Scientist at TU Ilmenau receives Thuringian Research Award 2022
Professor Thomas Hannappel from Technische Universität Ilmenau and his research team have won the Thuringia Research Award 2022 in the "Basic Research" category. With its research work, the team of scientists achieved significant progress in the development of semiconductor structures for the efficient use of solar energy to generate green hydrogen - possibly the renewable energy carrier of the future. The Thuringian Research Prize is awarded by the Free State of Thuringia in the categories "Basic Research" and "Applied Research" and is endowed with 25,000 euros each.
The international research team led by Prof. Thomas Hannappel, head of the Group of Fundamentals ofEnergy Materials at TU Ilmenau, succeeded in combining different types of semiconductors. This makes it possible, for example, to significantly increase the efficiency of conventional silicon solar cells. The integration of different semiconductors, the main component of solar cells or even microchips, promises significantly higher efficiency in the conversion of solar energy into hydrogen compared to conventional approaches - at low cost. With the help of so-called artificial leaves designed in this way, an efficiency of well over 20 percent could be achieved in the future for hydrogen production.
Such innovative semiconductor components are called artificial leaves because, just like the leaf of a tree, water is broken down directly into its components hydrogen and oxygen with the help of sunlight. Previously, Hannappel and his research team had succeeded in achieving an efficiency of 19 percent in direct solar water splitting to obtain hydrogen - even before the now award-winning research work on semiconductor crystal growth on low-cost silicon.
In his new work, Hannappel explored what are known as interfaces between silicon, the most important material in the semiconductor industry, and what are currently the most efficient semiconductors, III-V semiconductors. An interface is the area between two different substances or structures, such as the area between two immiscible liquids like oil and water. Analyzing and processing interfaces scientifically is extremely difficult - the Austrian Nobel Prize winner for physics Wolfgang Pauli once said: God created the volume of the solid, the devil created the surface. Processing interfaces is even more difficult when they are covered by other material, as in the case of the surfaces between silicon and III-V semiconductors. With the help of state-of-the-art in-situ spectroscopes, researchers at TU Ilmenau succeeded in optically illuminating and understanding the microscopic structure of the critical interfaces on an atomic scale - a unique selling point worldwide, especially since they combine this basic research method with concrete industrial manufacturing methods.
One step closer to independence from energy imports
The Ilmenau research work enables new, high-quality semiconductor structures for regenerative energy generationwith the best prospects for high efficiency and cost-effectiveness. In the photovoltaic industry, a tandem of silicon and III-V semiconductors can be used in high-tech devices for the highly efficient conversion of solar energy into hydrogen and thus into low-cost electricity. In addition, such a device can also be used to decompose water into hydrogen and oxygen gas with the help of sunlight. In this context, hydrogen is considered to be a decisive building block for a stable, secure and cost-effective electricity energy supply in Germany.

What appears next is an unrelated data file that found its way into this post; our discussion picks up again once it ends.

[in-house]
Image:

The achievements of the Ilmenau research team in favor of efficient power generation are all the more significant in view of the current discussion about making the energy industry in Germany independent of imports. The semiconductor industry, for example, is increasingly becoming a key industry worldwide - and successfully bringing together silicon and III-V semiconductors is considered a breakthrough technology in this respect.Successful integration of the currently most powerful semiconductors, III-V semiconductors, with silicon, the most proven semiconductor to date, would not only drastically increase efficiency in photovoltaics compared with today's technologies, it would also make the provision of electrical power significantly cheaper. And in the future, this semiconductor combination could even be used to convert the greenhouse gas carbon dioxide into high-quality fuels.
The prize-winning scientists led by Prof. Thomas Hannappel are already working together with other energy researchers at the TU Ilmenau on a large-scale project designed to help make Germany's energy supply stable, secure and cost-effective in the future. Together with renowned universities and research institutions, they are preparing a project to develop efficient, competitive artificial blades for the regenerative production of green hydrogen.
In awarding the Thuringian Research Prize to Prof. Hannappel's team, the President of TU Ilmenau, Prof. Kai-Uwe Sattler, recognizes that the outstanding energy research at TU Ilmenau and its worldwide networking is also being noticed by the outside world: "I warmly congratulate Prof. Hannappel and his team on receiving the most important research prize in Thuringia. The award proves that our university is making a concrete contribution to basic research in energy production. It is also an incentive to intensify the research work and thus also contribute to the turnaround towards renewable energies."
Prof. Thomas Hannappel
Head of Group Fundamentals of Energy Materials
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